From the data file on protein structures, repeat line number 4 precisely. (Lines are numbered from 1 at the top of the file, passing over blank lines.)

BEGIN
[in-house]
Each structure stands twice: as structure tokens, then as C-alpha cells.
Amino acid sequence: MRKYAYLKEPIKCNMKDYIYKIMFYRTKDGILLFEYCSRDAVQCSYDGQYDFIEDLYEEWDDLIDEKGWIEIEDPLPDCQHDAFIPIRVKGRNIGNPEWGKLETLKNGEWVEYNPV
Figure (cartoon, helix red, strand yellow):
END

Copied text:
Figure (cartoon, helix red, strand yellow):